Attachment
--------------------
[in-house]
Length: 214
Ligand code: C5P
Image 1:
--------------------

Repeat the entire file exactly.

[in-house]
Length: 214
Ligand code: C5P
Image 1: